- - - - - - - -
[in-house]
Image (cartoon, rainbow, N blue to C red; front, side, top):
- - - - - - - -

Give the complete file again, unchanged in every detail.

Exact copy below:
[in-house]
Image (cartoon, rainbow, N blue to C red; front, side, top):